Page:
Sanders and Welch Welcome State Department IG Investigation of Tar Sands Pipeline
Sen. Bernie Sanders (I-VT.) and Rep. Peter Welch (D-VT.) Monday 7th, welcomed a “spe- cial review” by the State Department inspector general of the department’s handling of a controversial Tar Sands oil pipeline.
Sanders and Welch led members of Congress who last Oct. 26 asked Deputy Inspector General Harold W. Geisel to investigate whether conflicts of
interest tainted the process for reviewing a proposed crude oil pipeline from Canada to the Gulf of Mexico.
Sanders said, “I appreciate the inspector general’s responsiveness to our request and the willingness to treat this important matter, and the allegations of conflicts of interest, with the seriousness it deserves. This is a critically important issue for our environment and the energy future of our country. At a time when all credible scientific evidence and opinion indicate that we are losing the battle against global warming, it is imperative that we have objective environmental assessments of major carbon-dependent energy projects.
Welch said, “I am pleased that the inspector general will shine the late of day on the State Department’s conclusion that the Keystone XL pipeline will not harm the environment. This unprecedented project will carry 900,000 barrels of tar sands oil nearly 2,000 miles every day. The U.S. pipeline system was not designed for it and safety regulations were not written with massive projects like this in mind. The American people have a right to know how the State Department reached its conclusion. This investigation is a step in the right direction.”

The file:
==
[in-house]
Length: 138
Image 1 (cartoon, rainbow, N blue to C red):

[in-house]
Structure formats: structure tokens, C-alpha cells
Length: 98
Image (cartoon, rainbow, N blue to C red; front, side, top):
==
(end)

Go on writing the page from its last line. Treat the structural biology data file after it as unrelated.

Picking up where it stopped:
Sanders and Welch also had asked the White House to withhold any decision on the project until the inspector general’s investigation is completed, made public and evaluated. “I once again urge President Obama to defer any decision on the pipeline until the State Department investigation has been completed,” the senator reiterated today.
Transcanada, the company proposing the Keystone XL pipeline project, reportedly was allowed to screen private firms competing to perform an environmental impact study on the pipeline. Cardno Entrix, the politically-connected firm ultimately selected to conduct the environmental impact study, had significant financial ties to Transcanada.
The 1,700-mile pipeline would carry more than half a million barrels of oil a day from Canada’s tar sands to refineries in Texas. The State Department is reviewing the proposal because the pipeline would cross the international border between the United States and Canada.